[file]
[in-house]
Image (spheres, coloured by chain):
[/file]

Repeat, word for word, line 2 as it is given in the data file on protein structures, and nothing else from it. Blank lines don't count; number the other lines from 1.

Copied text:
Image (spheres, coloured by chain):